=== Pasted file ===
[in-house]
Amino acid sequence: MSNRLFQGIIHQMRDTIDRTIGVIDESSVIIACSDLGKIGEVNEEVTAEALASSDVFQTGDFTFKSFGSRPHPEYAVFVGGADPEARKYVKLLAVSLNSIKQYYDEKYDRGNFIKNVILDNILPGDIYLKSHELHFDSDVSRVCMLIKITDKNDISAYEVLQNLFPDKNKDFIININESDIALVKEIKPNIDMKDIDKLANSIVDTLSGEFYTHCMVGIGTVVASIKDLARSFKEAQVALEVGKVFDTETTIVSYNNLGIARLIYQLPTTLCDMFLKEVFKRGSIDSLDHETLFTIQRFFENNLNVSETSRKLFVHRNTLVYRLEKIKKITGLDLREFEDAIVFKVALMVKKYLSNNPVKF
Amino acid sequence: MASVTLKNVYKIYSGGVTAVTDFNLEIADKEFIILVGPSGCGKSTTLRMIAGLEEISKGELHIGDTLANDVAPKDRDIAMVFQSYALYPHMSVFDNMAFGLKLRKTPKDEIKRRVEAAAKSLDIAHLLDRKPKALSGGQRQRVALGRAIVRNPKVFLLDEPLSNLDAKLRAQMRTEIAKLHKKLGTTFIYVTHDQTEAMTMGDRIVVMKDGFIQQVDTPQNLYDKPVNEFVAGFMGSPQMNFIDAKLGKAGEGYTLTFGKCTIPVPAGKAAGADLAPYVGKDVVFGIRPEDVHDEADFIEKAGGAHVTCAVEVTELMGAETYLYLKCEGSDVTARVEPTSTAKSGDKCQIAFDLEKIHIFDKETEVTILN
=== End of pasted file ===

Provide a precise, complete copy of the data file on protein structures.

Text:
[in-house]
Amino acid sequence: MSNRLFQGIIHQMRDTIDRTIGVIDESSVIIACSDLGKIGEVNEEVTAEALASSDVFQTGDFTFKSFGSRPHPEYAVFVGGADPEARKYVKLLAVSLNSIKQYYDEKYDRGNFIKNVILDNILPGDIYLKSHELHFDSDVSRVCMLIKITDKNDISAYEVLQNLFPDKNKDFIININESDIALVKEIKPNIDMKDIDKLANSIVDTLSGEFYTHCMVGIGTVVASIKDLARSFKEAQVALEVGKVFDTETTIVSYNNLGIARLIYQLPTTLCDMFLKEVFKRGSIDSLDHETLFTIQRFFENNLNVSETSRKLFVHRNTLVYRLEKIKKITGLDLREFEDAIVFKVALMVKKYLSNNPVKF
Amino acid sequence: MASVTLKNVYKIYSGGVTAVTDFNLEIADKEFIILVGPSGCGKSTTLRMIAGLEEISKGELHIGDTLANDVAPKDRDIAMVFQSYALYPHMSVFDNMAFGLKLRKTPKDEIKRRVEAAAKSLDIAHLLDRKPKALSGGQRQRVALGRAIVRNPKVFLLDEPLSNLDAKLRAQMRTEIAKLHKKLGTTFIYVTHDQTEAMTMGDRIVVMKDGFIQQVDTPQNLYDKPVNEFVAGFMGSPQMNFIDAKLGKAGEGYTLTFGKCTIPVPAGKAAGADLAPYVGKDVVFGIRPEDVHDEADFIEKAGGAHVTCAVEVTELMGAETYLYLKCEGSDVTARVEPTSTAKSGDKCQIAFDLEKIHIFDKETEVTILN